This analysis only covers the current 115th Congress, which began in January 2017. Republican leaders have made a practice of blocking cannabis amendments since the previous summer.
The last time the House was allowed to vote on marijuana, in May 2016, a measure to allow military veterans to get medical cannabis recommendations from Department of Veterans Affairs doctors was approved by a overwhelming vote of 233 to 189. Several other marijuana measures were approved on the House floor in the two years preceding that, including proposals to let marijuana businesses store their profits in banks and to protect state medical cannabis laws from Justice Department interference, the latter of which made it into federal law and is still on the books.
In June 2015, an amendment to expand that protection to prevent the Department of Justice from interfering with all state marijuana laws—including those allowing recreational marijuana use and sales—came just nine flipped votes short of passage.
Since that time, the number of states with legal marijuana has more than doubled, meaning that far more legislators now represent constituents who would stand to be protected. Advocates are confident they could get the measure approved if given another opportunity, but the cannabis blockade by Sessions’s Rules Committee has meant that no more votes on it have been allowed.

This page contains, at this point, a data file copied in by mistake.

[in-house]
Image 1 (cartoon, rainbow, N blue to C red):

While House Republicans have instituted a broader policy of blocking amendments deemed to be “controversial” after floor disputes on gay rights and gun policy measures threatened the passage of several spending bills in 2015, Sessions, who is not related to U.S. Attorney General Jeff Sessions, seems to have a particular problem with marijuana.
“I, as probably everybody in this rooms knows, have a strong opinion on drugs, illegal drugs, alcohol,” he said just before stymying a measure to prevent federal intervention in state cannabis laws earlier this year. “Marijuana is an addictive product, and the merchants of addiction make it that way. They make it for addiction. They make it to where our people, our young people, become addicted to marijuana and keep going.”
On another occasion, Sessions claimed that cannabis is now more potent than it was when he was a young man—by a mathematically impossible factor.
“When I went to high school…in 1973, I graduated, marijuana, on average, is 300 times more powerful,” he said. “That becomes an addictive element for a child to then go to the next thing.”
Legalization Supporters Target Sessions For Defeat.
Sessions, like all members of the House, is up for reelection this year. The Cook Political Report, which tracks congressional races, moved his seat—Texas’s 32nd congressional district—from being rated “Lean Republican” to the closer “Toss Up” status last month. In 2016, Hillary Clinton won the district.
Sensing an opportunity, marijuana reform advocates are targeting Sessions for defeat in 2018.
Six of the amendments blocked by Sessions and his committee concerned military veterans’ access to medical cannabis. Five had to do with marijuana businesses’ ability to use banking services. Seven would have allowed states and Washington, D.C. to implement their own marijuana laws without federal interference.